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Publisher\Editor Don Canaan

                      Aug. 31, 1995, V3, #160
All the News the Big Guys Missed

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Peres will Ask Bill Gates to Assist in Peace Process

Foreign Minister Shimon Peres is expected to meet in Milan this weekend with American computer entrepreneur Bill Gates. The Foreign Minister and Microsoft's chairman will participate in an international conference on economic issues and on relations between Europe and the Middle East.The Foreign Minister will try to recruit Gates to participate in a peace process project to computerize the Middle East.

Brazil Recognizes Palestinian Passport

By George Meek (VOA-Rio de Janeiro)

Brazil has become the first country in Latin America to grant official recognition to passports issued by the provisional government of Palestine. Orders have gone out to Brazilian immigration officials at all ports of entry that the regular green Palestinian passports are to be recognized immediately.

The announcement was made in Brasilia and in the Palestinian-administered territory, Gaza, where Brazilian Foreign Minister Luiz Felipe Lampreia met Wednesday with PLO leader Yasir Arafat. Earlier this week Lampreia visited Israel.

Brazil says the acceptance of the passports reflects closer cooperation with Palestine, and is a response to progress in the Middle East peace process. A Palestinian delegation has been based in Brasilia since November 1993.

Palestinian passports are already recognized by the United States.

Peres Visits Kazakhstan

By Doug Bakshian (VOA-Almaty, Kazakhstan)

Israeli Foreign Minister Shimon Peres is on a one-day visit to Kazakhstan to sign agreements in the areas of science, culture and aviation. Peres praised Kazakhstan for taking steps toward democracy and for sheltering Jews during their times of hardship.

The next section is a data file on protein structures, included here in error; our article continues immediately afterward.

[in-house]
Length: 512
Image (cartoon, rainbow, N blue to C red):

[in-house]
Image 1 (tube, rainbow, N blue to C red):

Peres says Israel has a deep feeling for Kazakhstan. He says the Kazakh people saved a great many Jewish refugees at a very difficult time in the Jews' history.

Turning to Kazakhstan's political situation, Peres says he is following with great admiration the changes taking place in Kazakhstan. He says the country is emerging from a complicated past, but is taking clear steps toward a democratic system and a modern economy.

Peres says Israel hopes to expand its economic and cultural ties with Kazakhstan. The countries are signing agreements on aviation, culture and science. Peres says he wants students and other Kazakh people to go to Israel and learn about the country. He also mentioned that Kazakhstan's president, Nursultan Nazarbayev, is to visit Israel soon. On another topic, he praised Kazakhstan for steps to disband its nuclear arsenal.

For his part, Nazarbayev said the visit by Peres lays a solid foundation for a broader relationship between the two countries. He noted that many Jews have left Kazakhstan for Israel.

Kazakhstan is said to have a very small remaining Jewish community, although no figures are given. Kazakhstan was the first majority Muslim state of the former Soviet Union to establish diplomatic relations with Israel.

The countries have only about $2 million in trade between them. Kazakhstan imports foods and consumer goods. Kazakhstan is also interested in Israeli irrigation techniques, said to be among the most efficient in the world. Kazakhstan wants to apply the system to cotton and tobacco crops. Some Kazakh doctors and other medical personnel are to receive training in Israel as well.

Palestinian Police Foil Attack on Jerusalem's Central Bus Station

During Monday's wave of arrests of Hamas members, the Palestinian police took into custody a terrorist who was on his way to carry out a suicide attack at the central bus station in Jerusalem, Israel's television news program, MABAT, reported.

Two Hamas members who were planning assassination attempts on Palestinians were also taken into custody. IDF forces in the territories have been on high alert in recent days following warnings that Hamas was preparing to carry out additional attacks. The General Security Service is continuing its investigation of the Hamas members arrested last week who are suspected of planning the recent bus attacks in Jerusalem and Ramat Gan.

Not a Newspaper to Read on a Bus

Globes-Internet is the answer to the challenge by electronic media to the written word; this electronic newspaper is up to date in real time, easy to use, and has many applications.

The economic newspaper "Globes" went on to the media highway and transmitted a real-time picture last Monday of the terrorist suicide explosion of the passenger bus in Jerusalem.

The daily Ha'aretz is already marketing a computerized edition in the U.S. and will soon make it available in Israel. As for "Globes-Internet," there were 40,000 log-ons, 75 percent of them Israelis. The material appears with pictures, sound and animation.

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